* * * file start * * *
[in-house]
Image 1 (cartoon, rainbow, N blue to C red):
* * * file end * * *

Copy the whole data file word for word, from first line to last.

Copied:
[in-house]
Image 1 (cartoon, rainbow, N blue to C red):